Social Security faces a long-term financing problem. The simplest and most logical solution to this problem is to trim promised benefits and increase payroll taxes modestly over the next two decades. These steps are politically unpopular, however, which explains the growing interest in supplementing or replacing traditional Social Security with a new system of worker owned and directed retirement accounts. A number of countries have already moved in this direction. However, the introduction of private accounts, by itself, does not solve the long-term problem facing public pension systems, including the Social Security system.
Some people who favor individual accounts believe we can learn from the experience of countries that have adopted such a system. While this is true, it is more pertinent to ask whether the experience of other countries sheds any light on the wisdom of replacing traditional Social Security, in whole or in part, with a system based on individual retirement accounts. The United States’ situation differs significantly from that of other countries which have recently adopted individual account systems.
In comparison with most of the industrialized world, the United States does not face an acute funding crisis in its main public pension program. The Social Security system is better financed than pay-as-you-go systems in most other industrialized countries. The U.S. has a younger population than other developed countries, and the trend toward a grayer population is proceeding more slowly in the United States than it is elsewhere. If current immigration and fertility patterns continue, the fraction of Americans who are past the retirement age will never reach the levels expected in Japan and most of Western Europe.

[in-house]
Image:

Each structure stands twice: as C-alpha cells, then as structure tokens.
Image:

One reason Social Security’s financial position is comparatively healthy is that benefits are relatively low. As a result, the tax needed to pay for promised benefits after the Baby Boom generation retires will be lower than the current payroll tax rate needed to pay for benefits in other countries.
The relatively modest level of Social Security benefits causes the United States to be different from other countries in one crucial respect. Our old-age poverty rate is more than three times the poverty rate in other rich nations. Social Security pensions account for an overwhelming fraction of the income received by aged Americans who are at risk of becoming poor. We therefore face a much greater risk than other wealthy countries of pushing large numbers of the aged into poverty if we reduce the guaranteed pensions available to low-wage workers.
The United States also has less need for introducing individual account pensions. A large percentage of the workforce already participates in employer-sponsored plans or in voluntary individual retirement accounts. In comparison with most of the industrialized world, the assets accumulated in these plans represent an unusually large percentage of our national wealth. Though it is desirable to increase the percentage of workers who participate in individual retirement saving plans, it makes no sense to accomplish this worthy goal by weakening the retirement income protection and guaranteed benefits available to workers who have low or intermittent career earnings.